Rothko In Britain

Period after period of art history are being exalted again in the contemporary exhibition scene. In an orderly fashion they line up, the first decided by where intrigue is currently seen to fester. The recent wave of fascination appears to be in Abstract Expressionism, and has been determined almost undoubtedly by this generation of artists departing.

The last of the American giants to hold on – Cy Twombly – died this July. Pollock’s tragic end was met in the late 50s, Rothko toppled when the teddy boys did in 1970, and in that same year Barnett Newman suffered his fatal heart attack. The realisation has hit that these artists’ legacy lives on only through what we have of theirs, and this has urged curators to recall when Abstract Expressionism hit England with that first explosion of commanding colour.

Some exhibitions have quite literally made artists. Some may have shaped a nation’s reaction to an age of art. Oh to have been at the unveiling of Monet’s impression sunrise, 1872, when a whole group of the Paris-based artists became known as the Impressionists; to have witnessed Turner and Constable’s ferocious competition, exhibiting side-by-side at the Royal Academy in 1832; and to have sensed the tension at the brink of an art rebellion at The Degenerate Art exhibition (1937) of Expressionist works rejected by Hitler’s Regime. Imagine being there to make a comment that stood for the contemporary…

Back to the current day… The Whitechapel Gallery is staging ‘Rothko in Britain’, snippets from Rothko’s 1961 exhibition – his grand entrance to the British public’s psyche – that provide a surprisingly real sense of what it must have been like to have been there. A selection of literary exchanges between the artist, curators and gallery staff; interviews with noteworthy visitors, and photographs of the exhibition as it was when open to the public, recreates the original exhibition in quite some fullness – from what was seen and why, to what was felt.

One of the interviews given was with the photographer, Sandra Lousada. For her this Rothko exhibition was the first occasion she had ever shot in colour, and never could colour be so crucial. She described the colour as quietening and magical. So powerful it brought people to stand still, and so powerful it seemed hardly natural. “Why does it work? Why is it so good?” was her response to its enigmatic simplicity.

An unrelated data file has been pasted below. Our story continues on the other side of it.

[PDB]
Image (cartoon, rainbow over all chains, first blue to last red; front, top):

Rothko described his paintings as having their own inner light, and no doubt, light and colour are one-and-the-same-thing. It is colour that is the sole focus, one could even say singular component, of his art. There is no formal focal point – its fullness, composed of very little, is the viewer’s only concern. When so many paintings are collated, it is the wholeness of colour that wows its viewers.

The Whitechapel have always been very generous to the Abstract Expressionists and given the greats space to show off at their gallery, and at a time when their careers’ were undeniably on the brink of something significant. Certainly Rothko’s impact was great. An art critic from The New Statesman described his experience of the room of Rothkos like, ‘one feels oneself unbearably hemmed-in by forces buffeting one’s every nerve.’ The scale of such colour determines a sensation.

But please be warned, don’t expect to come to this show, and see gathered the extended works of Rothko. This study piece contains only one (‘Light Red Over Black’) of his colour field paintings. This is a study of an exhibition and its reaction, not the artist himself. However, as it was considered perhaps the greatest of the exhibitions of his works in England, the man himself is far from absent in the mind of a visitor.

Although I’m closing in, I’m not sure I’ll be able to fully understand Rothko’s art until I see as suburb an exhibition of his work as the 1961 one was. However, this commemorative exhibition provides evidence to the very feelings Mark Rothko’s paintings set off in people. Now my senses are tingling to see more of him, but until then, this exhibition-of-an-exhibition reminds us is of the beauty of contemporary art: if we never lose track of the present, we will always know the best of art’s past. Now there’s a challenge…


This article was published in The Boar.

This free exhibition is being held in the Archive Gallery of the Whitechapel Gallery until 26 February 2012.


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